Indo-European languages can reflect any number of cultures through various different places and historical periods like the Hindu, Persian, Greek, Roman or French. We cannot reduce all these cultures to some single original monolithic linguistic cultural entity called ‘Indo-European’. It would be like defining the development of modern civilization according to sound shifts in the English language, as if science and technology were by products of English language variations!

Yet this is what linguists do when they try to use proposed language shifts in Indo-European tongues to identify some original Indo-European language, culture and ethnicity from which they all arose.

Our understanding of ancient India has in particular suffered greatly from this ‘linguistic reductionism’. There has been an effort to take ancient Indian teachings like the Vedas that are composed in an Indo-European language, remove them from India and from the key ideas and values of Indic civilization, and try to explain them according to language developments of European languages and the ideas of comparative European mythology. This negates Vedic spirituality and culture almost altogether.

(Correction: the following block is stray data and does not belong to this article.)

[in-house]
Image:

There is an Indic civilization and many Indic cultures but these are not limited only to those who speak certain Indo-European languages. There is a European civilization and many European cultures but these are also not limited to Indo-European language speakers.

European civilization can be briefly described as a combination of Judaeo-Christian religious views, Greco-Roman social and political views, and folk practices of the peoples in a certain geographic region and time period, leading to internal developments of art, science and other social changes. Most European groups speak Indo-European languages, but the primary religious ethos comes from a non-Indo-European language speaking culture altogether! We cannot speak of European civilization primarily as a certain Indo-European linguistic entity, nor understand its historical development according to morphological changes in these tongues.